Bigger They Are, Harder They Fall

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My son David broke his leg this week. Dashing across campus between classes, he hurdled over a retaining wall and heard the bone crack as he landed. He snapped it in two places and ended up having a rod surgically inserted to stabilize things just a few hours after the accident.

The surgeon told us it was a good thing we brought him in right away. At 6’7″, David is strong and muscular and his bones are extremely dense. The doctor had a hard time getting the rod in as it was — had the muscles been given time to swell, it would have made the job much more difficult, if not impossible.

As usual, David didn’t complain. I never heard so much as a low groan escape his lips, although when questioned, he admitted it did hurt quite a bit. I knew it must by the way the blood drained from his face every time he was jostled. Broken bones can be excruciatingly painful.

Hebrews 4:12 tells us, “For the word of God is living and active and sharper than any two-edged sword, and piercing as far as the division of soul and spirit, of both joints and marrow, and able to judge the thoughts and intentions of the heart.” Somehow, the idea of joints and marrow being split apart took on fresh meaning when I saw the X-ray of my son’s splintered leg. The word of God brings conviction — how could I expect the process to be anything but painful? Whether we experience conviction of sin as as a sharp, shooting pang or a dull, aching throb, it won’t go away until we climb onto the surgical table and let the Great Physician set things right.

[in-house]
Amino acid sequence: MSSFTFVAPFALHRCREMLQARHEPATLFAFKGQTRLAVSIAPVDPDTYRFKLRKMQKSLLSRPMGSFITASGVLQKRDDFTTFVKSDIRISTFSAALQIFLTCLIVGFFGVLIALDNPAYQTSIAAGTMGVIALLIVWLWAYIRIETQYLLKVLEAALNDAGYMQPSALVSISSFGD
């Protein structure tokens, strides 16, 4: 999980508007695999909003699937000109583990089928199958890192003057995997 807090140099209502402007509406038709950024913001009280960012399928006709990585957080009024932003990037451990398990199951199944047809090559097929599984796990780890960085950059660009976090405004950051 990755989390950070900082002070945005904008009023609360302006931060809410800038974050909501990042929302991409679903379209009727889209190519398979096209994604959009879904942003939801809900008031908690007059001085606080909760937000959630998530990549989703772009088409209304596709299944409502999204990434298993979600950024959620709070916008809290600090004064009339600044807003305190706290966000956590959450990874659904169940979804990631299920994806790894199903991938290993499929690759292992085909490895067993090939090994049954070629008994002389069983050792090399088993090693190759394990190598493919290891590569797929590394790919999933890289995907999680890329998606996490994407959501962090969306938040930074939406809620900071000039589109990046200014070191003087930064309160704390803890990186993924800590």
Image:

David’s break was not an open fracture, so the only external evidence was a slight bulge on the side of his leg. The true extent of his injury could only be appreciated by taking an X-ray to examine the bone inside. Likewise, God is far more concerned about our inner failings than our outward appearance. He searches our heart. That’s why scriptures that speak to heart issues are always so piercing.  The more I read, the more aware I become of how badly broken I am, and of how far I fall short of the goal, which is total conformity to Christ.


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